Broward College paid $5.6 million after a federal government review determined that more than 2,000 students received financial aid they weren’t entitled to.
The payment, imposed by the U.S. Department of Education, is significantly more than the $18,000 the college said in 2015 that it would likely have to pay after an initial federal review. At that time, the college acknowledged only that eight students were improperly paid.
The final amount became public this month after the education department, which oversees federal aid, posted detailed reviews for 242 colleges and universities completed during the 2016-17 fiscal year. Seven other colleges in Florida also were required to pay back financial aid dollars, including Barry University in Miami Shores ($106,304), Hillsborough Community College ($343,039) and Stenotype Institute in Jacksonville ($3.03 million).
Broward College spokeswoman Lesli Franco said the college paid the full $5.6 million in May. She said no students will have to repay financial aid money they received improperly.
The hefty payment came at a time when the college was already struggling financially. In June, the college said it was increasing class sizes, cutting vacant positions and closing an academic site in Coral Springs due to a $5.1 million decline in revenues. The college lost $2 million to state cuts and several million more in tuition dollars due to enrollment declines, officials said. College administrators did not mention the $5.6 million financial aid repayment when they discussed the cuts at a Board of Trustees meeting in June.
“No institutional budget cuts resulted directly from the return of funds,” Franco said, adding that the college used one-time reserve funds to pay the federal government.
Most of the problems identified in the financial aid review involved students who declared themselves as nursing majors from 2013 to 2015. The college disbursed about 1,970 Pell Grants — federal dollars for low-income students — to indivduals listed as nursing majors, but those students weren’t enrolled in a nursing program or any other degree program that would qualify them for the aid, the review found. The nursing program has selective admission, and many students who wanted to enroll never got admitted.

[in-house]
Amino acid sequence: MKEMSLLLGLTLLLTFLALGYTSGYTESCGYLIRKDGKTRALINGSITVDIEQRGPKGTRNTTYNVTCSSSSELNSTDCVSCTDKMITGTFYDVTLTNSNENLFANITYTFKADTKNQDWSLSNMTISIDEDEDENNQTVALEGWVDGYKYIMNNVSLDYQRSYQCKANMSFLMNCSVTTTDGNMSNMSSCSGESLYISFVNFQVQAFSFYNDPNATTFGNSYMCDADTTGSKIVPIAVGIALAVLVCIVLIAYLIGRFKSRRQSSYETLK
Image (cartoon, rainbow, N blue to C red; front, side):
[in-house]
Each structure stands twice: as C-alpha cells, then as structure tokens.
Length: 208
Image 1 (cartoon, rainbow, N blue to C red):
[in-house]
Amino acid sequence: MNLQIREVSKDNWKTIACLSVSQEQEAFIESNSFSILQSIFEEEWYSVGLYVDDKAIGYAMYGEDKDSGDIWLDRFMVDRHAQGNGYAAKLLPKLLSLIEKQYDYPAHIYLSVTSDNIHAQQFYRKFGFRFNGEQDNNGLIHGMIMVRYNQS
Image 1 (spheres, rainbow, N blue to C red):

The review also found that the college paid larger Pell Grants to some students than they should have received, based on the number of credit hours they were taking. Some students received these dollars despite not taking enough courses or maintaining a high enough grade point average to qualify.
College officials say these issues have been corrected.
“The college has taken significant steps to ensure that it is a best practice institution when it comes to satisfying the expectations of the U.S. Education Department,” Franco said.
This includes making leadership changes, contracting with financial aid experts to improve the financial aid department and providing more training to financial aid staff.
The associate vice president for financial aid resigned under pressure in 2015 and was replaced. The college said at that time it had also fixed computer glitches that led to some problems.